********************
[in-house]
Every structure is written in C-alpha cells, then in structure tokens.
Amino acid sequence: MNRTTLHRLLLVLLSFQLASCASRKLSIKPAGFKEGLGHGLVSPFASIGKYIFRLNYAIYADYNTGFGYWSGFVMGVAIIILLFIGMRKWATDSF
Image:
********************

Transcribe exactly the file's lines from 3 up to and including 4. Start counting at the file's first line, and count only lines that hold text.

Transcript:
Amino acid sequence: MNRTTLHRLLLVLLSFQLASCASRKLSIKPAGFKEGLGHGLVSPFASIGKYIFRLNYAIYADYNTGFGYWSGFVMGVAIIILLFIGMRKWATDSF
Image: